My Ubuntu-encrypted home directory was lost when I changed my user password.

This was because I did it from the command line as root. So my user password is no longer linked to my encrypted user data. How do I reunite them?

  • Usually you can boot to recovery mode and again as root change the password back to the old one. In the future change your password with the graphical tools. See bodhizazen.net/Tutorials/Ecryptfs#Password
    – Panther
    Sep 22 '14 at 15:20
  • Dear bodhi.zazen, your excellent website was crucial in helping me diagnose the problem. And I did indeed use Dustin Kirkland's recovery tool to recover the data (blog.dustinkirkland.com/2011/04/…). But resolving the problem is another matter. That means making the old /home/user1 work in a new /home/user2. It is apparently not as they say, a simple matter of copying the directory over.
    – markling
    Sep 23 '14 at 8:13
  • No, encryption adds a layer of complexity, backups are more complex as well.
    – Panther
    Sep 23 '14 at 11:10
  • Also see askubuntu.com/questions/562046/…
    – guntbert
    Dec 8 '16 at 18:46

If you did not change the password because you forgot it, you can change it back, make a backup without encryption, delete everything, change password again and restore everything. That's what I can guess while not knowing how the encryption works. Hopefully it will encrypt on import, if you want to feel safe, backup and just copy it somewhere and try to copy back first.

  • That will partially work. See the link I gave for additional information.
    – Panther
    Sep 22 '14 at 17:30

I attempted two solutions to rescue this home data for my user1 (let's call it that).

The restult is I have my data but have lost system integrity.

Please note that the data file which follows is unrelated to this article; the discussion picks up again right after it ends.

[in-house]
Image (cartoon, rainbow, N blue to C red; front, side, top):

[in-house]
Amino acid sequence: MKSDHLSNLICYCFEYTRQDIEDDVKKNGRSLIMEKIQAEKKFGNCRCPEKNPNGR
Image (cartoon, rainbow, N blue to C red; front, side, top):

i.) Changed user1 password back to what it was originally

ii.) Set up another encrypted user account (user2), used Dustin Kirkland's tool to recover the data from user1, copied it into user2 home (relying on the oft-cited linux boast that all you have to do to backup is copy your /home directory).

The result was mayhem.

It was on the face of it not mayhem. It looked on the face of it like this:

i) Result: user1 account reopened and data accessible by turning password back

ii) Result: user2 account created, and turned into copy of user1 by copying /home/user1 recovery dir into it after being extracted with Kirkland's tool.

The mayhem was that my system has now confused passwords between the two accounts.

i.i.) user1 login requires old password now reinstated (as expected)

i.ii.) login as user1 root on command line requires root password (as expected - root password was changed when the other user passwords were changed in the operation that caused this bug)

i.iii.) user1 GUI authentication (e.g. when mounting disk) asks for user2 password. This is not expected and not desirable. It would normally ask for root password in this situation.

ii.) user2 account opens with expected user2 password, and begins to display last saved state of user1, but crashes instantly. Complete lockup.

Peter Nerlich's convoluted solution looking quite attractive now.

(N.B. Concrete advice on ii. seems scarce. While it seemed sensible to reinstate home/user1 into the /home directory of another user with the same name, it seemed inadvisable to create two user accounts with the same name on the same machine. And since Kirkland's tool performed its rescue by extracting /home/user1 into a temp directory, it was counter-intuitive to try and put this back in /home/user1. So this was like a conjunction of catch-22's, with snakes and spaghetti all mixed up together. Horrible. Really horrible).

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